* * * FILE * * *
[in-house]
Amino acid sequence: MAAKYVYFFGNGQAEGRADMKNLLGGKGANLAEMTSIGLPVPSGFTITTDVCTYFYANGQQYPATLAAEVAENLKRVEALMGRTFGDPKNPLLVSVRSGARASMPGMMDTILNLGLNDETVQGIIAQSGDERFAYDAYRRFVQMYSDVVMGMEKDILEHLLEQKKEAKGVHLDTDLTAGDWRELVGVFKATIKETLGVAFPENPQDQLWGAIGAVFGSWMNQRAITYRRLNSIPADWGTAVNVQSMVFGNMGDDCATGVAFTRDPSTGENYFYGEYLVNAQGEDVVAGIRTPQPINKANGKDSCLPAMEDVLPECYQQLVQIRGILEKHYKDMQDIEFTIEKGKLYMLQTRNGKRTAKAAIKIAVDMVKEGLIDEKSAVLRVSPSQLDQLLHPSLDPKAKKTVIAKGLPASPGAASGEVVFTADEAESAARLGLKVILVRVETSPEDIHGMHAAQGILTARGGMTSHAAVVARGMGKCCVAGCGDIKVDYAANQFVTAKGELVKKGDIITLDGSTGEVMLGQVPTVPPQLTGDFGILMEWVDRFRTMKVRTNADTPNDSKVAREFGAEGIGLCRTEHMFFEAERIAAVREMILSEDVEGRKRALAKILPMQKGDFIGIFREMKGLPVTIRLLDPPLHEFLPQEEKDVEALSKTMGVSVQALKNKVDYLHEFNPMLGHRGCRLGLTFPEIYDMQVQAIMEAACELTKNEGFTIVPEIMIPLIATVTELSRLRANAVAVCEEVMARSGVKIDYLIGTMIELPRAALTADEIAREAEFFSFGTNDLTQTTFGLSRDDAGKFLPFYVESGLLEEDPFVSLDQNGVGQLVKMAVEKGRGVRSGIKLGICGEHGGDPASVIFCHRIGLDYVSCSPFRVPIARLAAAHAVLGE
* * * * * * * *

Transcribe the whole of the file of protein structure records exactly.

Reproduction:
[in-house]
Amino acid sequence: MAAKYVYFFGNGQAEGRADMKNLLGGKGANLAEMTSIGLPVPSGFTITTDVCTYFYANGQQYPATLAAEVAENLKRVEALMGRTFGDPKNPLLVSVRSGARASMPGMMDTILNLGLNDETVQGIIAQSGDERFAYDAYRRFVQMYSDVVMGMEKDILEHLLEQKKEAKGVHLDTDLTAGDWRELVGVFKATIKETLGVAFPENPQDQLWGAIGAVFGSWMNQRAITYRRLNSIPADWGTAVNVQSMVFGNMGDDCATGVAFTRDPSTGENYFYGEYLVNAQGEDVVAGIRTPQPINKANGKDSCLPAMEDVLPECYQQLVQIRGILEKHYKDMQDIEFTIEKGKLYMLQTRNGKRTAKAAIKIAVDMVKEGLIDEKSAVLRVSPSQLDQLLHPSLDPKAKKTVIAKGLPASPGAASGEVVFTADEAESAARLGLKVILVRVETSPEDIHGMHAAQGILTARGGMTSHAAVVARGMGKCCVAGCGDIKVDYAANQFVTAKGELVKKGDIITLDGSTGEVMLGQVPTVPPQLTGDFGILMEWVDRFRTMKVRTNADTPNDSKVAREFGAEGIGLCRTEHMFFEAERIAAVREMILSEDVEGRKRALAKILPMQKGDFIGIFREMKGLPVTIRLLDPPLHEFLPQEEKDVEALSKTMGVSVQALKNKVDYLHEFNPMLGHRGCRLGLTFPEIYDMQVQAIMEAACELTKNEGFTIVPEIMIPLIATVTELSRLRANAVAVCEEVMARSGVKIDYLIGTMIELPRAALTADEIAREAEFFSFGTNDLTQTTFGLSRDDAGKFLPFYVESGLLEEDPFVSLDQNGVGQLVKMAVEKGRGVRSGIKLGICGEHGGDPASVIFCHRIGLDYVSCSPFRVPIARLAAAHAVLGE